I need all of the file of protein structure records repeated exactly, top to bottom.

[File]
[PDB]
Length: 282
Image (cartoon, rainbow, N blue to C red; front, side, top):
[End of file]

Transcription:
[PDB]
Length: 282
Image (cartoon, rainbow, N blue to C red; front, side, top):